Fans will be able to return to UEFA club and international matches starting at next week’s international break, UEFA has announced.
Stadiums will be allowed to be filled to a maximum of 30 per cent capacity, and will only reopen where local laws permit. No away fans will be allowed at this stage due to the ongoing coronavirus pandemic.
The decision has been made after the trial which saw around 15,000 fans in the stadium for Bayern Munich’s UEFA Super Cup win over Sevilla. The pilot match was deemed a success despite host city Budapest recording a rise in infection numbers ahead of the event.
A UEFA statement further clarified: "Both the admission of fans and the capacity limit are subject to decision of local authorities. UEFA matches cannot be played with spectators where local authorities do not allow it and the limit of 30% may be reached only where the limit set by local authorities is not lower, in which case such limit would apply.
"Social distancing will be mandatory for spectators and additional precautionary measures, such as the wearing of masks must be implemented in accordance with local regulations.
"The UEFA Super Cup demonstrated that it is possible for fans to attend football matches in the right circumstances by putting their health and safety first with comprehensive mitigating measures in place. The match also demonstrated the acceptance of fans for precautionary sanitary measures and their readiness to follow them and behave accordingly."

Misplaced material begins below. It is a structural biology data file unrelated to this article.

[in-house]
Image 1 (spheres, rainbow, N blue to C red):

While there seems little immediate prospect of stadiums reopening in the Premier League, fans have returned in reduced numbers in both the Bundesliga and Ligue 1.
UEFA president Aleksander Ceferin said: “Today’s decision is a sensible first step which puts fans’ health first and respects the laws in each country. While we all face a common enemy in Covid, different countries have different approaches and different challenges at any given moment.
"This decision allows much more local flexibility to deal with admitting fans than was previously the case, always respecting the assessment of local authorities.
“Twenty-seven countries on the continent already allow fans to some extent. This decision will allow for a coherent approach on a country-by-country basis and not on a competition-by-competition basis which was sometimes difficult to understand for fans.
“In these difficult times, it is important to bring more hope and passion back into the lives of football fans and we urge them to behave appropriately and respect sanitary measures in place for their own health and for the health of their fellow club or national team supporters.”
As the coronavirus pandemic continues, however, there remains caution with Borussia Dortmund director Michael Zorc recently airing his concerns that the Champions League should not be played in its current format due to Covid-19 .